Los Angeles, Calif.; San Diego, Calif.; Phoenix, Ariz.; Honolulu, Hawaii; San Jose, Calif.; New York, N.Y.; San Antonio, Texas; Indianapolis, Ind.; Las Vegas, Nev.; Denver, Colo. — what do these cities have in common? They lead Environment America Research & Policy Center’s “Top 20 Shining Cities by Total Installed Solar PV Capacity,” as of 2018’s end. They were ranked by the total per capita solar PV installed.
Within its report, the nonprofit noted, “Our sixth annual survey of solar energy in America’s biggest cities finds that the amount of solar power installed in just 20 U.S. cities exceeds the amount installed in the entire United States at the end of 2010. Of the 57 cities surveyed in all six editions of this report, 79 percent more than doubled their total installed solar PV capacity between 2013 and 2018.”
Renewable energy is catching on, and this last April, renewable energy — hydro, biomass, wind, solar and geothermal — was set to surpass coal for the first month ever; this trend was anticipated to continue to a lesser degree through May, according to the Energy Information Administration’s short-term energy outlook.
More cities are committing to cleaner energy sources not only for their financial benefits, but also to match citizens’ growing desires for green energy. In April, Chicago became the largest U.S. city to set an official goal of achieving 100 percent renewable energy by 2040 — with all of its buildings being powered by renewable energy by 2035. Chicago Mayor Rahm Emanuel signed the resolution into law April 10.
On a much smaller scale from Chicago, the town of Babcock Ranch, Fla., is building sustainability into its infrastructure as it develops. Writer Catey Traylor highlights this unique community and its efforts to maintain its natural beauty and reduce its environmental footprint using solar energy and energy-efficient building standards. Babcock Ranch definitely makes an interesting case study since it is starting from scratch.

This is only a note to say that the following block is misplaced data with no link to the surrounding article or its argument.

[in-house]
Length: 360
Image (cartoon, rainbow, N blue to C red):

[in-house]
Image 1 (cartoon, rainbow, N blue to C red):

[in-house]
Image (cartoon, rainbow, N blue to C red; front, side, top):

Saving energy as a whole is another major goal for municipalities of all sizes. Writer Elisa Walker will be profiling Montgomery, Ala., which has seen massive savings simply through educating its employees on how certain behaviors, such as shutting off lights, can reduce energy usage. We will also be looking at microgrids, which many cities are turning to for resiliency efforts, especially in areas more prone to severe weather or wildfires.
Water also plays a role in this issue, with Denise Fedorow spotlighting the state of Iowa’s efforts to reduce the amount of nutrients entering its water sources and ultimately the Gulf of Mexico.
Here’s hoping for a relatively dry June, especially after all the heavy rains in April and May, which affected many cities within our readership.